a Yupick Eskimo lady named Cathy Lincoln. (She also has a Yupick name
that sounds something like attempting to clear your sinus while spitting
out an ingested bee.)
Mark is generally well received in Eskimo communities, though he
occasionally encounters some prejudice. They call him a "gussack" which
has about the same meaning there as "gringo" does further South.
"Gussack" is a Yupick word that was derived about two centuries ago from
the Russian word "cossack." You can imagine how that came about.
Mark and Cathy have three beautiful little mongrels, who can look forward
to participating in the (hopefully) peaceful overthrow of the WASP
group that has run this country for the last 400 years.
Date: Tue, 7 May 91 19:53:23 -0700
From: Les Earnest <firstname.lastname@example.org>
Subject: Smart alecks vs. the census computer
A news report indicates that an increasing number of Americans are
thumbing their noses at the Federal government's mindless insistence
on classifying everyone into traditional ethnic categories ["Census
menu contained lots of spice," San Jose Mercury News, 5/7/91, p. 1A].
The feds are reportedly fighting back with advanced computer technology.
Several years ago I pointed out in this forum that no one had yet
devised a scheme that would reliably and unambiguously assign each
individual to a particular racial or ethnic category. Those postings
were later developed into an article arguing that all statistical
studies of racial or ethnic categories and the governmental programs
based on them, especially Affirmative Action, rest upon unstable
foundations ["Can computers cope with human races?" CACM, Feb. 1989].
I advocated answering questions about one's ethnicity with "mongrel"
and a number of people later told me that they had used that answer
or similar ones in the 1990 Federal census.
Today's news story says that the Census Bureau received many answers
such as "a little bit Norwegian," "a little bit of everything,"
"California boy," "Heinz 57," "a fine blend," and "steak sauce."
They somehow decided that most of these responses came from people of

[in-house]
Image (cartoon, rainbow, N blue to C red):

Hispanic descent, according to Roderick Harrison, chief of the Race
Statistics Branch of the Census Bureau. Other answers included "child
of God," "none of your business," "NOYB," and "NOYFB."
The article goes on to say:
"This year, for the first time, spiffy new technology enabled the
census to decipher each and every write-in answer to the race
question. (In 1980, only a small sample was read.) The census
computer was able to sort and assign about 85 percent of those
`unique responses' to a racial group."
This is truly a remarkable claim: apparently the computer has
somehow figured out not only how to classify individuals into ethnic
classes, but how to do it even when they give ambiguous or misleading
answers. If this claim holds up under scrutiny, I will nominate it
as the first example of true artifical intelligence.
The article goes on to mention that there are limits to its classification
"But the computer could not match about 200,000 quirky, smart-aleck
and just plain weird answers such as `golden child,'
`extraterrestial,' `alien,' `exotic hybrid,' `exchange student,'
`half and half,' `fat pig,' `father adopted, race unknown,' `all of
the above,' `handicapped,' and `exquisite.'"
Despite these limitations, it appears that the Census Bureau is well ahead
of the rest of the world in computer science. ;-)
Les Earnest UUCP: . . . decwrl!cs.Stanford.edu!Les
12769 Dianne Dr. Los Altos Hills, CA 94022 Phone: 415 941-3984